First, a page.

This isn't to say that using the rope loop is wrong, it's probably just more confusing than it's worth to the average person in this particular forum.


(This post was edited by TarheelJD on Mar 22, 2012, 9:40 PM)


bearbreeder


Mar 22, 2012, 10:39 PM
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ptlong2 wrote:
No, it doesn't matter how big the loop is.


yr correct ... it shouldnt matter ... brain fart ...

maybe ill see someone do it someday ... hmmmmm


bearbreeder


Mar 22, 2012, 10:41 PM
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sp115 wrote:
majid_sabet wrote:
bearbreeder wrote:
majid_sabet wrote:
just belay off anchor and you are done.

Quoted for posterity .... If you actually climbed enough youd know that direct belays off the anchors arent always the most pratical or best choice in certain situations Wink

blah blah blah and sure, if you are building chicken sh*t anchor made of two loose pieces like 75% of the climbers out there, I would not trust a 10lbs haul bag to be belay from of it but if you have a solid anchor, I see no reason why people should belay off their belay loop.

not to forget that belay off harness keeps the belayer tie-down and in case emergency where belayer needs to escape belay ( again 75% do not know how to do it), belaying off harness is not the best choice in many situations as people think.

75% you say...


a majeeeed statistic of course ...

there are perfectly good reasons to not use a direct belay in certain situations ... if majeeeeed actually climbed hed know this ....


JimTitt


Mar 23, 2012, 12:35 AM
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Re: [majid_sabet] Belaying Directly from Belay Loop [In reply to]
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majid_sabet wrote:
just belay off anchor and you are done.

Some climbers have progressed from top-roping to leading.


chadnsc


Mar 23, 2012, 6:41 AM
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Re: [JimTitt] Belaying Directly from Belay Loop [In reply to]
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JimTitt wrote:
majid_sabet wrote:
just belay off anchor and you are done.

Some climbers have progressed from top-roping to leading.

Could be that Midget only leads and thus only belays up his second . . . .

Hahahahahahahahaha, sorry I couldn't keep a straight face through that one.


notapplicable


Mar 26, 2012, 5:07 PM
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Re: [robdotcalm] Belaying Directly from Belay Loop [In reply to]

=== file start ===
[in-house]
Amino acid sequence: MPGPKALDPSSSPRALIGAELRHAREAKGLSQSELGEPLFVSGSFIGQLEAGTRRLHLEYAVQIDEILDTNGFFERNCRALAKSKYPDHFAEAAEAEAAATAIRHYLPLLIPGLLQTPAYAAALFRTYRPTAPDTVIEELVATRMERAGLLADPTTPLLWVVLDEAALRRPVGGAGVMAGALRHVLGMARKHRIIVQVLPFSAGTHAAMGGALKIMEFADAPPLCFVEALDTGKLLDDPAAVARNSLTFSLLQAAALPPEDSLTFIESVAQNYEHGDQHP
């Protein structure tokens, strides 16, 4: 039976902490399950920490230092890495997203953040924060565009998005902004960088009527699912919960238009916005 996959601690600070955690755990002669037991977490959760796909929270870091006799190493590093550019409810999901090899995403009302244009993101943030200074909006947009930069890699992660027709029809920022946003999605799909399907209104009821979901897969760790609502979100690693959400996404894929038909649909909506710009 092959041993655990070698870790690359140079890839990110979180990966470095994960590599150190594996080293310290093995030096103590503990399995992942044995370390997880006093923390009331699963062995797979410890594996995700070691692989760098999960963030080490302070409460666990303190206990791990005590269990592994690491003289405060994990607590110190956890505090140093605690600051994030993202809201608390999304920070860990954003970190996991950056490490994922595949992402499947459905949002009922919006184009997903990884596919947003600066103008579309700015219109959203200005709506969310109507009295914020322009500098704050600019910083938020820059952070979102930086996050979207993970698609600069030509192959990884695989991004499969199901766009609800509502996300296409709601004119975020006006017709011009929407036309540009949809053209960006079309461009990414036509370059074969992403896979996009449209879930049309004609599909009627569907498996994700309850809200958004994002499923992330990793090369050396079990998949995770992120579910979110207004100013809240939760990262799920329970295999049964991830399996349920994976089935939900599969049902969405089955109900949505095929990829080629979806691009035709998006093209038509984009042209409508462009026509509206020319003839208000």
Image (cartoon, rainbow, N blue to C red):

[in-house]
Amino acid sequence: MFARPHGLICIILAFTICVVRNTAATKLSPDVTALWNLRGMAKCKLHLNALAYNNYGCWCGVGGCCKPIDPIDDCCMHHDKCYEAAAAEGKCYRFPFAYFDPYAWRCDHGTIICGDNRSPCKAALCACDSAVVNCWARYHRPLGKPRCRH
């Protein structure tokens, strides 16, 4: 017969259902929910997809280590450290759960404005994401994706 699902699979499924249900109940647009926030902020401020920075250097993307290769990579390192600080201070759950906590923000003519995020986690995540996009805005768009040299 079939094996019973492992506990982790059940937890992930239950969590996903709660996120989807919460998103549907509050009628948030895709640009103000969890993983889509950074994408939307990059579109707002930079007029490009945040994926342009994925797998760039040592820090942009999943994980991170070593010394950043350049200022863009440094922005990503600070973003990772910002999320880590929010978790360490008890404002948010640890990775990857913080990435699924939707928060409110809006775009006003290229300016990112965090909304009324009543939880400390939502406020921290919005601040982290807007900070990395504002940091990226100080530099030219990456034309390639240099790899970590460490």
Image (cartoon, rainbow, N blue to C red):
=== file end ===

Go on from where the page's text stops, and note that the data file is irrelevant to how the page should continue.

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robdotcalm wrote:
Colinhoglund wrote:
One concept everyone here seems to be missing or unaware of is that using the tie in loop to belay off of is very dangerous in the case of using a "Yosemite finish". Apparently the roll over threshold is vastly reduced and because of the orientation of the free end back through the knot, it will fail on the first roll. A climbing mag (Gripped or Climbing, I don't remember) did some tests and warned against the Yosemite Finish for this purpose.

Here's the link

http://www.rockclimbing.com/...=2538384;page=unread

r.c

Interesting. Seems I was the third poster in that thread but never came back to see the concern somewhat validated.

While I'm skeptical that a figure-8 knot would roll due to the forces exerted by catching even a "worst case scenario" lead fall, I'm also not sure it's worth the risk when you can just clip the belay loop along with the rope loop. It would be interesting to see some drop tests on a few ringloaded figure-8 tie-in variations though.


looseanchor


Mar 27, 2012, 5:29 PM
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Re: [USnavy] Belaying Directly from Belay Loop [In reply to]
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Take a look at Figure 7 and 8 of this Petzl Instruction Manual for the Falcon Mountain harness, that shows using a retraced Figure 8 through the ventral attachment points or, in the alternative, carabiners through the belay loop.

http://www.petzl.com/...-FALCON-MOUNTAIN.pdf


Partner rgold


Mar 28, 2012, 10:11 PM